6 Saudi-Backed Yemen Loyalists Seize Control of ALL Yemeni Straits, Many Iranian-terrorist Body Bags are Distributed
Aden (AFP) - Government forces in Yemen now control the key Bab al-Mandab Strait through which much of the world's maritime traffic passes after retaking it from Shiite rebels, a general said Friday.
"The Bab al-Mandab Strait is now under the total control of our troops," General Turki Ahmed told AFP.
Ahmed was one of the commanders of an offensive that Thursday seized the island of Mayyun (Perim) between the Gulf of Aden and the Red Sea.
The narrow waterway, which separates Yemen from Djibouti only some 20 miles (32 kilometres) away, funnels shipping to and from the Suez Canal, which lies at the north end of the Red Sea.
President Abedrabbo Mansour Hadi and his government returned to Aden last month following six months in exile, after loyalist forces regained control of the port city and four other southern provinces from the rebels.
The rebels still control the capital and northern provinces near the border with Saudi Arabia.
On Thursday, troops backed by a Saudi-led coalition seized Bab al-Mandab and Dhubab in the southern province of Taez near the strait, loyalist military official Abedrabbo al-Mihwali told AFP.
The strait had been in the hands of Huthi rebels and their allies, units still loyal to ousted former president Ali Abdullah Saleh, since March.
Bab al-Mandab was "brought under our control with the help of coalition forces, who provided ground, naval and air support," General Ahmed said.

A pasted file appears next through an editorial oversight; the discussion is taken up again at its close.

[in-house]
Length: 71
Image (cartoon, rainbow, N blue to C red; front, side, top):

"The Huthis and their allies retreated to Mokha," a Red Sea port some 20 kilometres (12 miles) further north.
"We are awaiting orders from the political leadership and President Abedrabbo Mansour Hadi for the next move in the offensive," Ahmed added.
The attack took place "in response to rebel troop movements" towards Aden and the four other recaptured southern provinces, one source said.
Yemen's temporary capital Aden "was targeted on Thursday by a Scud missile which hit a suburb west of the city", a source said.
The Huthis had admitted losing control of the strategic strait.
Mohammed Ali al-Huthi, self-described "president of the High Committee of the Revolution", sent a message to UN chief Ban Ki-moon expressing "surprise" at Thursday's attack "on Mayyun island and areas close to the Bab al-Mandab Strait".
He viewed the assault as "a grave and irresponsible escalation", and said it threatened "the security of international maritime navigation", according to the text of the message released by the rebel-controlled Saba news agency.